On April 5, 2005, in cooperation with the European Studies program at Boston University, and the Departments of Anthropology and International Relations, the Institute organized a conference on the role of Muslims and Islam in the European public sphere. Today’s podcast is an edited recording of the keynote address by Farhan Nizami, Director of the Oxford Centre for Islamic Studies and Prince of Wales Fellow in the Study of the Islamic World, Magdalen College, Oxford.
In his lecture, entitled “Being British, Feeling Muslim,” Nizami asked whether a religious commitment to Islam is compatible with being a citizen in a modern European state. According to Nizami, living in accordance with faith inevitably puts the believer in a position at odds with the values and assumptions of a materialistic culture, but the resultant threat is perceived differently when the challenge comes from Islam versus the established religion. The stereotypes of Muslims create a climate of fear and distrust. He stressed the need for a new definition of European identity in which all citizens have an experience of tolerance and belonging. Muslims for their part do not possess the confidence to respond to this challenge, giving rise to helplessness, anger, and extremism. The world is changing, Nizami concluded, and our categories of self-image have to grow with these changes.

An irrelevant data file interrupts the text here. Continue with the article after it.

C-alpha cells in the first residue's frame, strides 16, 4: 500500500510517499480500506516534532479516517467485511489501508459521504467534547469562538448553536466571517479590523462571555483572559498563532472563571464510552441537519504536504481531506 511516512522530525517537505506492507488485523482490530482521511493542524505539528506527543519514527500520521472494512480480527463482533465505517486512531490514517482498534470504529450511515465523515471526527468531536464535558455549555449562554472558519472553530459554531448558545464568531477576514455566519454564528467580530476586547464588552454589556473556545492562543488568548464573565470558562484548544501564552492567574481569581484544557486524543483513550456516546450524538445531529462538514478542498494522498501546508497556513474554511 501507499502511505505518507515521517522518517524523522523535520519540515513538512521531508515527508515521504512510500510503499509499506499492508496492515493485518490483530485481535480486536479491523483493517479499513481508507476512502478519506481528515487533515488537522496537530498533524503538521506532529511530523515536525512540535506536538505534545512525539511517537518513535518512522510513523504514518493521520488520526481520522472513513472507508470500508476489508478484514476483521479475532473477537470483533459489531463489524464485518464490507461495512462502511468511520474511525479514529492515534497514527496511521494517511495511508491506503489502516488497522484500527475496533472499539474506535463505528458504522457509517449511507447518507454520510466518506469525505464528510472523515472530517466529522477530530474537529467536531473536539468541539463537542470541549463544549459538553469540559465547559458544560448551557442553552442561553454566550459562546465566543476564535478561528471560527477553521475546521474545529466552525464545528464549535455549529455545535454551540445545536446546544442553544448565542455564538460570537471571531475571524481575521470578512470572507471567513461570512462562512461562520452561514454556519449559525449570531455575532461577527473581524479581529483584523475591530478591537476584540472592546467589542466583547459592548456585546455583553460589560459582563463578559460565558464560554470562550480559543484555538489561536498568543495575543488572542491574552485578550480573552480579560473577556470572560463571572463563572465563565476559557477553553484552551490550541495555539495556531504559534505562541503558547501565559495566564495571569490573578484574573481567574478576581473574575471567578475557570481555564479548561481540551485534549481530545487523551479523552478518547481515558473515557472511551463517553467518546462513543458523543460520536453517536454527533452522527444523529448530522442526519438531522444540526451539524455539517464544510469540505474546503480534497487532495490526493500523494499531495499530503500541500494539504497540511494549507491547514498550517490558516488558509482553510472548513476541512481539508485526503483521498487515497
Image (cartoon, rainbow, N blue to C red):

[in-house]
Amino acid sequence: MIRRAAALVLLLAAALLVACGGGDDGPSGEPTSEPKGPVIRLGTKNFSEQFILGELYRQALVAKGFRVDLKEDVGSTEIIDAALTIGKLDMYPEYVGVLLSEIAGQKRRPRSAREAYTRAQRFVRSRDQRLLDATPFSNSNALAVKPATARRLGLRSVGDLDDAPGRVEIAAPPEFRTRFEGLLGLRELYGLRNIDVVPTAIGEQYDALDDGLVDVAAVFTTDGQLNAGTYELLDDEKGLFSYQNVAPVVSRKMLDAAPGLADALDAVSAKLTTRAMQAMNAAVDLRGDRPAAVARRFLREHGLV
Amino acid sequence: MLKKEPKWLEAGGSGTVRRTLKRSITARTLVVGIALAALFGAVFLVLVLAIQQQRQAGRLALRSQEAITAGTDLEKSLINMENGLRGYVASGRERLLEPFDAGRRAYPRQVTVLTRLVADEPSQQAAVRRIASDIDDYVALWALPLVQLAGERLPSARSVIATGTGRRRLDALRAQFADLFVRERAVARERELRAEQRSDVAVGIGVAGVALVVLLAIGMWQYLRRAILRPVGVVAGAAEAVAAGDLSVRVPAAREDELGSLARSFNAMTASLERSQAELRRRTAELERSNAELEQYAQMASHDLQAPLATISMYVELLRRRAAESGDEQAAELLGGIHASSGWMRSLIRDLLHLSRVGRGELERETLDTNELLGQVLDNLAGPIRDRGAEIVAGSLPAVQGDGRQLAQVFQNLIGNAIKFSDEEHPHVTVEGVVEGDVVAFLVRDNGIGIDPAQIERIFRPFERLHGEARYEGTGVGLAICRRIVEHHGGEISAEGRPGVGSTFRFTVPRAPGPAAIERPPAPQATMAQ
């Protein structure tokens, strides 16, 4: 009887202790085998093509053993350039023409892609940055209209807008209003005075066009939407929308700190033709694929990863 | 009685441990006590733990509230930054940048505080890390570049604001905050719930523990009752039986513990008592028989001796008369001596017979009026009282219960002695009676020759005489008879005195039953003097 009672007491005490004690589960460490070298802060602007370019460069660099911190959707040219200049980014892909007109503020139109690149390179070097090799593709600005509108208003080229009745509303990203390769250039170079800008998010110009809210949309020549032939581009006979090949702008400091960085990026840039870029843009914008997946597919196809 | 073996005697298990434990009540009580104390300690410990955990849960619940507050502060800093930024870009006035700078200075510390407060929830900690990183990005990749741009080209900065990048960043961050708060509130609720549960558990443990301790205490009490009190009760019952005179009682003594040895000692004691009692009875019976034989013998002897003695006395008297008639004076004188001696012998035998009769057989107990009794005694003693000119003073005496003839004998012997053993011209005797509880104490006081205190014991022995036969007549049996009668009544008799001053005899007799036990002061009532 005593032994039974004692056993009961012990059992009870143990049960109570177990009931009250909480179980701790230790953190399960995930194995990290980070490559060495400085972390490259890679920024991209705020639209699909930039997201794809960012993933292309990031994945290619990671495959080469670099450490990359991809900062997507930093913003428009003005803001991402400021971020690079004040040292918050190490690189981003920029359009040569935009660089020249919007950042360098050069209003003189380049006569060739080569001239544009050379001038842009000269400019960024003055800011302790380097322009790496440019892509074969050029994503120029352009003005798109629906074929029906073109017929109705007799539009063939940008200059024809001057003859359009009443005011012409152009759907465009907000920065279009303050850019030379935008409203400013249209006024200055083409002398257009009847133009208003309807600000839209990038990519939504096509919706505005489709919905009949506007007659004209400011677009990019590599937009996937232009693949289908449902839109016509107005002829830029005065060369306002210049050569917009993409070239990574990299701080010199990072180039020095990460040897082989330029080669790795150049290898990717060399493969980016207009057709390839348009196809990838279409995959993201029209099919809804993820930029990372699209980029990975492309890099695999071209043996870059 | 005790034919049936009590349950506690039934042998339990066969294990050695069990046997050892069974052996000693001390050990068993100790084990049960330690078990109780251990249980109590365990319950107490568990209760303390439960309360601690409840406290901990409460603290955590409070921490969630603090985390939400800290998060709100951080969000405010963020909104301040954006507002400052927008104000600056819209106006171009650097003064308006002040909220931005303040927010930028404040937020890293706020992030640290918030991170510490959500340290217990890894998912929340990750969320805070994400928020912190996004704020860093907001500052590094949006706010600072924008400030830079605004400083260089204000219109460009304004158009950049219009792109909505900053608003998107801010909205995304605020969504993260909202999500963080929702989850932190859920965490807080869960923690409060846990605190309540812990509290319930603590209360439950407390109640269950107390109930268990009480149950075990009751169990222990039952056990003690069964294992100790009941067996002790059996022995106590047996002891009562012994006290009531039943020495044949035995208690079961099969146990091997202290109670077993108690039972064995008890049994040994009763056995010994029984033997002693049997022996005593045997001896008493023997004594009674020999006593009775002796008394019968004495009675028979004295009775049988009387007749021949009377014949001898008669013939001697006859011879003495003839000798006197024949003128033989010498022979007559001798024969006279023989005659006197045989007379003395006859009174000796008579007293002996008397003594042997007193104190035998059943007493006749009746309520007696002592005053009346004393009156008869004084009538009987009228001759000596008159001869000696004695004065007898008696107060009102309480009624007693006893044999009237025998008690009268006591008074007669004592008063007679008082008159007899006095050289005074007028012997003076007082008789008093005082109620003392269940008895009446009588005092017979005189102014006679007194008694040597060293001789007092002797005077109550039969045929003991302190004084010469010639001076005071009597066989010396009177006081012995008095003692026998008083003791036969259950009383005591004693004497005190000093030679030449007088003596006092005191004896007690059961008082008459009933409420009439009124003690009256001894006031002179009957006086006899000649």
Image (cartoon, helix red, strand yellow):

You will hear introductions by Irena Grudzinksa Gross, former director of the Institute for Human Sciences, and Professor Augustus Richard Norton, Professor of Anthropology and International Relations at Boston University. Nizami’s keynote address aired on WBUR’s “World of Ideas” program on April 24, 2005. We are grateful to WBUR for making the recording available to EU for You.
Nizami’s speech was followed by a panel discussion featuring Jocelyne Césari, Visiting Associate Professor in the Department of Anthropology at Harvard and the Harvard Divinity School; Jytte Klausen, Associate Professor of Comparative Politics at Brandeis University, and Ahmet Yukleyan, PhD candidate in the Department of Anthropology at Boston University and IWM Junior Visiting Fellow (July – December 2005). Speakers discussed the diverse ethnic, religious, and generational identities among Muslims, exploring the different ways in which Muslims are adapting and integrating as well as resisting their European setting. Jenny White, Associate Professor of Anthropology at Boston University, served as moderator.